intelligent than us, some less.





An Infinite Universe



The universe was infinite for Bruno. There is infinite number of worlds with infinite number of beings living on them. Each world is finite within the infinite universe. The infinite universe is immobile because there is nothing beyond it, nowhere to move to. The unity of the universe is stable in its oneness and so remains forever. This is the basic characteristic of the universe that unites everything within itself. Beyond the multiplicity of forms and things, there lies the principle of unity, which is a key to understanding the similarities among different things such as between men and animals, men and plants, our planet earth and other planets, our sun and the other suns. With this unity, the Greek philosophers could declare a basic principle of ancient philosophy;


"Know yourself so you can know the universe."



A Living Universe



He described a living universe, which we find in Plato as well, a universe like an enormous animal where infinite solar systems are like the cells of an enormous body. In this universe, all things are alive, as all parts of our bodies alive. The celestial bodies were the great living creatures for Bruno as it was in the philosophy of Pythagoras and Plato. These celestial beings were more than living beings. They are divinities such as the deities Mars, Jupiter, Venus, Mercury and Apollo, which are associated with the planets and the sun. In this living body, there is a continuous process of corruption and generation of forms. Bruno explains corruption and generation of forms as same because they derive from the same principle. The end of a corruption is the beginning of the generation of another thing so corruption is a generation and generation is a corruption.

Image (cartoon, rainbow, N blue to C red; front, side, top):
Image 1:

Coincidence of Opposites



The principle of Unity behind all these various worlds and beings reconciles opposites. The reconciliation helps us to clear away doubts and conflicts. The 16th century, when Bruno lived, was a period of extreme violence especially politically and religiously. Bruno, with the idea of coincidence of opposites, wanted to reconcile different Christian groups. He wanted to show that what seems opposite in the appearance is not opposite in essence. Isn't the maximum heat and minimum cold wholly one, asks Bruno. Is it not from the limit of maximum heat that we obtain the point of departure in the movement toward cold? The extreme of an opposite is an approach to the other side of the opposite. All things are composed of contraries where we find continuous transformations from one opposite to another; day follows night and night follows day, summer comes after winter and vice versa. There is no delight without its contrary, which is pain. When both contraries are in excess, they become vices and soul falls into discord. Vice is a deviation from its own nature whose perfection is in unity. In the middle where the extremes meet and become

one and indifferent, is virtue. Virtue is the house of temperance, the condition of a strong soul, which does not give way to one opposite for the other.